• Category Archives DoFPS
  • Himalayan Palm Civet electrocuted at Kurizam

    An electrocuted Himalayan Palm Civet at Kurizam, Mongar
    An electrocuted Himalayan Palm Civet at Kurizam, Mongar

    A Himalayan Palm Civet (Puguma larvata Himlton-Smith, 1827) was found dead after being electrocuted on 27 September 2016 at Kurizam, Mongar in a Chirpine forest (N27°16′21.1″, E091°11′36.3″, 569m) near its human settlement. One of the residents reported the incident through a phone to the Central Park Range Office, Phrumsengla National Park.

    Continue reading  Post ID 6457

    1,364 total views, no views today


  • Regional Training of Trainers programme on Horticultural Chain Management

    Participants with the chief guest during the concluding session
    Participants with the chief guest during the concluding session

    30 September, Paro: Participants from seven countries expressed their appreciation for organising space to share experiences as change agents as well as for the knowledge gained through the lessons and resources during the Regional Training of Trainers programme on Horticultural Chain Management. The interaction among the participants gave an opportunity to share post harvest issues and solutions to minimize post harvest losses.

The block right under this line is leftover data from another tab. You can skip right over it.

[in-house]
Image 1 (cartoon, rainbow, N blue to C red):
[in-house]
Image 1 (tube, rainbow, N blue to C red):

Continue reading  Post ID 6457

    795 total views, no views today


  • National Symposium on Zero Poaching held

    img_4291-minSeptember 28-29, Thimphu: Poaching and illegal wildlife trade are the most serious and immediate threat to Asia’s many charismatic and iconic species, such as tiger, rhino and elephants. The steady draining of biological resources from Asian countries has continued largely unabated and thus negated the increasingly high conservation investments made by us. This should be of no surprise, given the increasingly sophisticated financing mechanisms, breadth and resources deployed by international poaching networks themselves. Recent studies have shown that illegal wildlife trade is one of the top-five of most lucrative illicit economies globally; recently its value was estimated to fall within the range of US$50-150 billion per year.

    A huge proportion of this activity occurs in Asia, and there is broad recognition that this threat will not recede without a clear region-wide up-scale of response.

    Continue reading  Post ID 6457

    803 total views, no views today